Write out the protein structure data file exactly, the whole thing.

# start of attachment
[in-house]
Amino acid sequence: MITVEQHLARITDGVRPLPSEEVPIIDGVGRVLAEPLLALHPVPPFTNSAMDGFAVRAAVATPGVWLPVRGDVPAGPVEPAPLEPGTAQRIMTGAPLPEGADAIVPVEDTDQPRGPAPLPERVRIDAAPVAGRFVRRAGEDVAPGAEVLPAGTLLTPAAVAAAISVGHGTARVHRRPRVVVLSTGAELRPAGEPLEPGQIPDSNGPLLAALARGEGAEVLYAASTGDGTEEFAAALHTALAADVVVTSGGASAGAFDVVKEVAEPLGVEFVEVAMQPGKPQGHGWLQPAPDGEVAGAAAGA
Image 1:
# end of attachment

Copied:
[in-house]
Amino acid sequence: MITVEQHLARITDGVRPLPSEEVPIIDGVGRVLAEPLLALHPVPPFTNSAMDGFAVRAAVATPGVWLPVRGDVPAGPVEPAPLEPGTAQRIMTGAPLPEGADAIVPVEDTDQPRGPAPLPERVRIDAAPVAGRFVRRAGEDVAPGAEVLPAGTLLTPAAVAAAISVGHGTARVHRRPRVVVLSTGAELRPAGEPLEPGQIPDSNGPLLAALARGEGAEVLYAASTGDGTEEFAAALHTALAADVVVTSGGASAGAFDVVKEVAEPLGVEFVEVAMQPGKPQGHGWLQPAPDGEVAGAAAGA
Image 1: